Housing for very low and low income households where rent or mortgage payments are below 30 per cent of gross household income or the household is eligible to occupy rental accommodation under the National Rental Affordability Scheme.
A business that earns most or all of its revenues from agriculture. An agribusiness could include food and fibre production, agrichemicals, seed supply, farm machinery wholesale and distribution, freight, logistics, processing, marketing and retail sales.
‘Biodiversity’ or ‘biological diversity’ describes the variety of life on Earth – the life forms, the different plants, animals and microorganisms, the genes they contain and the ecosystems they form. It is usually considered at three levels: genetic diversity, species diversity and ecosystem diversity.
Measures that benefit biodiversity by compensating elsewhere for the adverse impacts of an action, such as clearing for development. Biodiversity offsets work by protecting and managing biodiversity values in one area in exchange for impacts on biodiversity values in another.
Measures that are taken to protect the economy, environment and community from the negative impacts of pests, diseases and weeds.
Comprising land east of the planned Pacific Highway alignment, plus the urban areas of Tweed Heads around the Cobaki Broadwater.
Centres provide jobs and services such as shopping, dining, health and personal services to meet the daily and weekly needs of the local community.
A change in the state of climate that can be identified by changes in the mean and/or the variability of its properties, and that persists for an extended period, typically decades or longer (Garnaut Review, 2008).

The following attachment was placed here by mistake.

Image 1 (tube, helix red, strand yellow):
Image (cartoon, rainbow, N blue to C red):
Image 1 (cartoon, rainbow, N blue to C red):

Land zoned for industrial or similar purposes (i.e. land zoned B5 Business Development or B7 Business Park in planning instruments). These are generally lower density employment areas containing concentrations of businesses involved in manufacturing; transport and warehousing; service and repair trades and industries; integrated enterprises with a mix of administration, production, warehousing, research and development; and urban services and utilities.
Land use clusters that leverage and support intensification of economic activity in and around key employment anchors like hospitals, universities and airports.
A new housing development area that has not been previously developed or used for other urban purposes.
A measure of the size of a region’s economy and productivity. The market value of all final goods and services produced in a region within a given period of time.
The types of housing available to meet the current or future needs of the community. Housing choice is driven by factors such as the make-up of the population, affordability and lifestyle trends.
One of several measures that describe how intensively an urban area is developed. It is normally measured as the number of dwellings in a given area.
The average number of people living in a dwelling in a State, region or locality.
Forms of housing, such as single dwellings, boarding houses, dual occupancies, group homes, hostels, multi-dwelling housing, residential flat buildings, secondary dwellings, semi-detached dwellings, seniors housing and shop top housing.